Moldova’s President Igor Dodon issued a decree on March 28 initiating a referendum in which he hopes to gain the power to dissolve the parliament and call early elections. If it goes ahead, the referendum will be held on September 24, and Dodon said he expects to dissolve the parliament in October or November.
The referendum is part of a broader plan aimed at gaining control of the parliament for Dodon’s Socialist Party (PSRM) - which is most likely to win the next general election - and then cancelling or radically revising the Association Agreement with the European Union and making the country a member of the Eurasian Economic Union (EEU). However, the president’s plan faces serious technical challenges and needs overwhelming support from voters.
Under Moldova’s referendum law, a referendum on constitutional amendments must be endorsed by the majority of those on the voting lists, in order to be valid. Less important referenda need only support from the majority of those who cast votes. If turnout is around 50%, as in the last parliamentary election, all voters would have to back Dodon, which is highly unlikely.
The main obstacle to Dodon’s plans is therefore attracting sufficient support from voters, though he also has to deal with hostility from the parliament and the Constitutional Court’s drive against hasty and radical moves.
To increase his chances of getting enough votes, Dodon enlarged the focus of the referendum by including three more topics in addition to asking for more power to be given to the presidency. Of the three, one is clearly intended to gain voters’ support: namely the question on cancelling the bill under which the “stolen billion” (actually $680mn) siphoned off from three failed banks is repaid from the public budget. In fact, this topic is the first on the list of four topics which comprises:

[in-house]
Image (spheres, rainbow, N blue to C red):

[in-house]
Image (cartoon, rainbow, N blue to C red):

▪ Do you support the abrogation of law 235/2016 (“on the stolen billion”)?
▪ Do you support giving to President, by amending the Constitution, "the supplementary power" to dissolve the Parliament and call early elections?
▪ Do you agree to reduce the number of lawmakers from 101 to 71?
▪ Do you agree to introduce the study of “History of Moldova” [instead of "History of Romania and Universal History" as currently] in schools?
Dodon’s proposal to give the president supplementary power to dissolve the parliament and call early elections is highly unlikely to be seen as acceptable by the Constitutional Court given the lack of detail. The court, which plays a role in the process by setting up the body charged with managing the referendum and validating its results, will most likely will ask for the text to be refined.
Under the current constitution, the president can dissolve the parliament under certain circumstances (basically political crisis and lack of a functioning parliament). The limits on these powers could be enlarged, depending on whether the referendum gets voters’ support.
The government, which is planning to amend the voting system, has pledged to consider the views of the Venice Commission. The ruling majority is likely to ask the president undergo a similar procedure. While not binding, such a requirement would be an important ingredient in the campaign ahead of the referendum.
Dodon stressed on March 28, at the same time as he signed the decree on the referendum, that he planned to sign a “cooperation agreement” with the Eurasian Economic Union at the union’s summit on April 3. He previously asked the EEU for the country to be given observer status, with the request to be discussed at the summit.